You’ve seen the VIDA count, which tracks how many books, of those reviewed in mainstream publications, were by women. Recently, over at The Nation, Roxanne Gay gave a shot at tracking how many nonwhite writers’ books were reviewed (including translations):
You will probably not be shocked to note that the majority of reviews were of books by pale-skinned authors. The very broad grouping of “Asian/South Asian” (which includes the majority of the world’s population) comes in second with three of the four surveyed publications. Other categories were, broadly: Latino, African/African-American, Middle Eastern, and Native American. Each got a nominal number in comparison with the behemoth: Caucasian.
Gay confirmed, via Twitter, that the survey didn’t differentiate between translations and literature written in English.
There are, as Gay notes, precious few slots for book reviews or criticism in mainstream publications; few and growing fewer. But beyond that, there are even precious fewer slots for books not written by white authors.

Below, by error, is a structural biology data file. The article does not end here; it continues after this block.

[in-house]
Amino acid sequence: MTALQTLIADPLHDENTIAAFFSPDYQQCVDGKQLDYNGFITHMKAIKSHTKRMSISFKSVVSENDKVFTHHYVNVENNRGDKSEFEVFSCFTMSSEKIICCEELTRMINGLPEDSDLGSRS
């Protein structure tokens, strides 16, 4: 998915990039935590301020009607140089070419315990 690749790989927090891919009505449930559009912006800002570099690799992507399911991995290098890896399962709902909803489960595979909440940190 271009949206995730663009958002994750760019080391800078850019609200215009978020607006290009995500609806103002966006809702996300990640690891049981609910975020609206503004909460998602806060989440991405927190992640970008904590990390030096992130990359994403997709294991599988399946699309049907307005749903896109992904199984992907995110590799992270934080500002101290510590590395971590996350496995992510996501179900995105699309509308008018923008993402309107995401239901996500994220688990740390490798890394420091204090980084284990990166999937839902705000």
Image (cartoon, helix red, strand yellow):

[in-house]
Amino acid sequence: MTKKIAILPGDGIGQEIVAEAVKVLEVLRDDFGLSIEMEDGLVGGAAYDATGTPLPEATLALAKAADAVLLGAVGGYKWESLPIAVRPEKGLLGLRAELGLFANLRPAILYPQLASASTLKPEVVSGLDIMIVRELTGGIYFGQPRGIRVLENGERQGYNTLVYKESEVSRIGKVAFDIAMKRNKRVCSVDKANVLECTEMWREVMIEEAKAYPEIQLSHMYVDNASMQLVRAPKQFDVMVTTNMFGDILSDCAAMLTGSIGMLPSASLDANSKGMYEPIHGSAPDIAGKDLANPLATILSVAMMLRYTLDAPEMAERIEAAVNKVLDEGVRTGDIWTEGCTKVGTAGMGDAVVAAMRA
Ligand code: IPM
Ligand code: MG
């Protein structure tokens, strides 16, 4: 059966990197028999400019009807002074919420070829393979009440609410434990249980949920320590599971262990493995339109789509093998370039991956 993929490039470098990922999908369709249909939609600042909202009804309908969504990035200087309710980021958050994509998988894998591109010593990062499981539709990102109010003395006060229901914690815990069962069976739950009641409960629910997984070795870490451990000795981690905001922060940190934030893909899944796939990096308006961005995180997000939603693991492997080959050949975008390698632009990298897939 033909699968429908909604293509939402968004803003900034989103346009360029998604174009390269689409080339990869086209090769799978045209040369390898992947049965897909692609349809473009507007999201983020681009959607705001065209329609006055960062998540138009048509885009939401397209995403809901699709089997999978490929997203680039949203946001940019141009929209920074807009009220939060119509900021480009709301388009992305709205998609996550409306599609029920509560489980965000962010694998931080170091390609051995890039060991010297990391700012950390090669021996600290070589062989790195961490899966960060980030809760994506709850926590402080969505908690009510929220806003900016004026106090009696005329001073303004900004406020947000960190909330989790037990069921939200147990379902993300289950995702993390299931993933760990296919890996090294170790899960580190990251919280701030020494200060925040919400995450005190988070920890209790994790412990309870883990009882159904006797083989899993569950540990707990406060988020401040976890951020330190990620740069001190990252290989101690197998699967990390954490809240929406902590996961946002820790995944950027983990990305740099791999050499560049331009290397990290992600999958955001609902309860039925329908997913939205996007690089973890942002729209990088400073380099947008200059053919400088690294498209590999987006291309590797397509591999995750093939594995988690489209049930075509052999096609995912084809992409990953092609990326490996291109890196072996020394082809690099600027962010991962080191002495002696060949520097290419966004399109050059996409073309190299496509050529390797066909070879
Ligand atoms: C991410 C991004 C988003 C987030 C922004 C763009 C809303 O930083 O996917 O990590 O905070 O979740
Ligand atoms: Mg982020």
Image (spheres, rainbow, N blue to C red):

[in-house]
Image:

The publications Gay looked at all came in with around 10% of reviewed books by non-white authors. “The Los Angeles Review of Books is most diverse, with 12.9 percent of their review coverage going to books written by writers of color. Bookforum brings in the rear at 8.7 percent and NPR and The New York Review of Books are tied, with 10.7 percent of their coverage going to books written by writers of color.”
Thursday, Gay wrote on Twitter:
Which she followed with:
Although, as freelancer Anna Clark noted, the issue doesn’t only lie with reviewers: “I consistently pitch reviews of books in translation, especially, and by women/non-white authors. Hits a wall.”
Gay added: “That too. I hope that if more reviewers make a stand, review editors will follow suit, or vice versa. Whatever works.”
Do you see this changing? How?